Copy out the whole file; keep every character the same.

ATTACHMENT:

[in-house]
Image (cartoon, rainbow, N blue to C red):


[in-house]
Image (cartoon, rainbow, N blue to C red):